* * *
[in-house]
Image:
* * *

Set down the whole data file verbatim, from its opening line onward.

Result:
[in-house]
Image: